The most exciting medicines in the world

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Pf rounds up some of the most remarkable treatments to emerge in recent years.

 

Read the cover story in the May issue of Pf Magazine here.

 

 

Disarming cancer’s ‘invisibility cloak’

Medicine: Atezolizumab

Developed by: Roche

Used to treat: Bladder cancer

 

Atezolizumab is an investigational monoclonal antibody cancer immunotherapy available in the UK via clinical trials and the first immunotherapy to go through the Early Access to Medicines Scheme for suitable patients with advanced urothelial (bladder) cancers. This PD-L1 inhibitor and works by disarming the cancer of its ‘invisibility cloak’, which allows the immune system – the body’s most effective medicine – to detect and destroy the tumour.

Andrew Ackrill, Principal PD Clinical Development Scientist at Roche Products Ltd, says that it has huge potential in the treatment of cancers: “It’s a very interesting drug.” 

Atezolizumab is also being trialled as a treatment for a range of other cancers, alone and in combination, including colorectal (bowel) cancer, breast cancer, renal cell carcinoma (kidney cancer), small cell lung cancer, other solid tumours, diffuse large B-cell lymphoma and paediatric cancers.

“Combining targets gives a synergistic approach,” says Andrew. “It’s a very hot area. We’re very much at the beginning of an exciting time.” Before now, there had been no significant advances in the development of treatments for bladder cancer for 30 years.

Andrew says that it is thanks to Roche’s commitment to oncology, along with the opportunity to share knowledge and expertise with 21 leading centres around the world through Immunocore, a world-leading biotechnology company focused on the development of this new class of immunotherapeutic drugs, that the current advances are being made. “Roche has a proud history in oncology and I’ve never seen this level of engagement and activity. It’s very special.”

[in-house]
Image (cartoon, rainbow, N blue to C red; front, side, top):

Andrew and his team of researchers at Roche have seen complete responses to atezolizumab, but only time will tell if the effects will endure in these patients, who are still being followed. “The durability comes with time,” he explains. “In immunotherapy we’re looking at improved response rates – the ultimate goal is to extend the lives of people. Survival is the ultimate goal.”

 

Cure for a chronic condition?

Medicine: Elbasvir/grazoprevir

Developed by: MSD

Used to treat: Chronic hepatitis C virus

 

Hepatitis C virus (HCV) is a blood-borne virus that predominantly infects the cells of the liver. There are an estimated 150 million people worldwide chronically infected with HCV, which can cause inflammation and significant damage to the liver. Recent research shows that HCV can also affect the digestive system, lymphatic system, immune system and brain.*

For 30 years, MSD has been at the forefront of the response to the chronic HCV epidemic. The licensing of elbasvir/grazoprevir marks the latest innovation in the company’s longstanding investment in finding treatments for chronic HCV infection.